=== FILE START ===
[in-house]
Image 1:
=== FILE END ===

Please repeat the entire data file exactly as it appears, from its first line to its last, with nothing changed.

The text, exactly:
[in-house]
Image 1: